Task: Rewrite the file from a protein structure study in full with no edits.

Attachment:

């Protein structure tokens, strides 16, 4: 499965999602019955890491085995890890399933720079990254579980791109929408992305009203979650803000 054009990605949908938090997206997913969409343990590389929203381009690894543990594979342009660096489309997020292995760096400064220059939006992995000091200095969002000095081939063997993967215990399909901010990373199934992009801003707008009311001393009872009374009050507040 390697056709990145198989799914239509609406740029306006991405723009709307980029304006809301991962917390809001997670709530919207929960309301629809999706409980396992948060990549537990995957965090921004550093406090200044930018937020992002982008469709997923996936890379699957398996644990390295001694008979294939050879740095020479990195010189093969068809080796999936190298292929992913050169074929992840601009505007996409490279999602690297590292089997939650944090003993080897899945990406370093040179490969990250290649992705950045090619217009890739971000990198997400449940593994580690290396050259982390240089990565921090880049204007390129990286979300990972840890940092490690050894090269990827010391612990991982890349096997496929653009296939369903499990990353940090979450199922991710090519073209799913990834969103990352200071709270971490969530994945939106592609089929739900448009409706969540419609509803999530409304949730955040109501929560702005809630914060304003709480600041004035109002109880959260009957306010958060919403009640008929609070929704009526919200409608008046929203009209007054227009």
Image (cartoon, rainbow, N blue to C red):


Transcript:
């Protein structure tokens, strides 16, 4: 499965999602019955890491085995890890399933720079990254579980791109929408992305009203979650803000 054009990605949908938090997206997913969409343990590389929203381009690894543990594979342009660096489309997020292995760096400064220059939006992995000091200095969002000095081939063997993967215990399909901010990373199934992009801003707008009311001393009872009374009050507040 390697056709990145198989799914239509609406740029306006991405723009709307980029304006809301991962917390809001997670709530919207929960309301629809999706409980396992948060990549537990995957965090921004550093406090200044930018937020992002982008469709997923996936890379699957398996644990390295001694008979294939050879740095020479990195010189093969068809080796999936190298292929992913050169074929992840601009505007996409490279999602690297590292089997939650944090003993080897899945990406370093040179490969990250290649992705950045090619217009890739971000990198997400449940593994580690290396050259982390240089990565921090880049204007390129990286979300990972840890940092490690050894090269990827010391612990991982890349096997496929653009296939369903499990990353940090979450199922991710090519073209799913990834969103990352200071709270971490969530994945939106592609089929739900448009409706969540419609509803999530409304949730955040109501929560702005809630914060304003709480600041004035109002109880959260009957306010958060919403009640008929609070929704009526919200409608008046929203009209007054227009």
Image (cartoon, rainbow, N blue to C red):